Many years ago, I watched a movie called Not Without My Daughter, with Sally Field. Have you seen it?
It was a true story about an American woman married to an Iranian man and together they had a 5 year old daughter named Mahtob. They lived in Michigan and were happily married, until he suggested they take a 2-week vacation to visit his relatives in Iran. This was just after the Iranian revolution during which the Ayatolah Khomeini overthrew the Shah. Once they were in Iran, it became clear that Sayyed, the father, had no intention of taking his family back to America. He embraced the law of the land, which claimed that women and children were the property of the man of the family, and he held them hostage, watching their every move and threatening them with their lives if they disobeyed him. They lived like this for almost 18 months, until Betty, Mahtob’s mother, was able to earn his trust enough to be allowed to go shopping in the market and make secret contact with an underground network of people who were able to help her and Mahtob finally and miraculously escape.
I remember having had nightmares about this movie for months after seeing it. And now here is the epilogue…
This is the story from Mahtob, the daughter, herself. She recounts her story, as the daughter of these two very different parents. She shares her early memories of America, in a very loving home, with tender memories of her father at the start. She recalls a subtle shift in his attitude toward his culture and religion just before their leaving for Iran. But the change in his attitude was like a tidal wave once they landed in Iran, and the loving father that she knew essentially disappeared, replaced by a monster, in her eyes – one who beat up her beloved mother, who threatened her mother, and who separated Mahtob from her mother for days at a time. And that’s when she learned to hate.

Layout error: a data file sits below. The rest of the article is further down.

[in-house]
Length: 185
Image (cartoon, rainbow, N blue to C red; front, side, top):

What I did not realized was that the story did not end with their escape from Iran. This mother and child had to endure years of terror, fearing a kidnapping by her father – or worse! – their whole lives. And the impact spread to everyone around them.
Betty Mahmoody coped by using their experience to advocate for others in this situation. She fought for federal laws that protected children against international parental kidnapping, which President Clinton passed. And she travelled around the country and around the world, personally supporting many families who were in the same situation that she had been in.
This is a very, very hard book to read emotionally but it is an important one, I believe. It serves as a portrait of the convergence of mental illness and religious fanaticism, which is a terrifying combination.
It brought it all back for me, but it also brought closure as well. It seemed to have done so for Mahtob herself.